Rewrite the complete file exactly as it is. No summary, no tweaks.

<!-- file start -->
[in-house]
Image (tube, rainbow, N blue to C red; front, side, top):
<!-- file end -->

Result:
[in-house]
Image (tube, rainbow, N blue to C red; front, side, top):